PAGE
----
Earlier this summer, I (along with many other readers) objected to Kathy and Marcy’s (of Annie’s Mailbox) use of the term “professional woman” to denote “sex worker.” Originally, a female lawyer wrote in to protest, and M&K insisted the term was a “common” way to refer to sex work. I had never heard it that way, and a Google search revealed no connection between the two. Today, another professional woman–this one a scholar–weighs in:
Dear Annie: Your reply to “Professional Woman,” who complained about your use of the term to refer to a stripper, was way off base. Sure, most people probably knew that you were referring to some sort of sex worker, but how sexist is that?
In the 19th and even 20th centuries, the phrase “public woman” was used to refer to prostitutes on the assumption that any woman who would occupy public space without a proper male escort must be a prostitute. It provided a handy way to exclude middle- and upper-class women from public spaces, stigmatize working-class women (who appeared regularly in public spaces), and render as sexual prey all women who went out in public.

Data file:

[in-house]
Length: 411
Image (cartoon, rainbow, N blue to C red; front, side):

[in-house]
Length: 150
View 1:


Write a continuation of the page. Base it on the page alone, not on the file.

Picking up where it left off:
The double entendre implicit in the phrase “professional woman” undoubtedly serves a similar purpose, insinuating that sex work can be a profession for women and also that “professional women” are sexually available. It’s sexist and discriminatory. — Leigh Ann Wheeler, Associate Professor of History, Binghamton University (SUNY)